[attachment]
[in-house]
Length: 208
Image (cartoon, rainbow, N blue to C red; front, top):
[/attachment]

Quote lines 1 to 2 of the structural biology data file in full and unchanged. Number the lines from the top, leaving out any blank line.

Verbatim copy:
[in-house]
Length: 208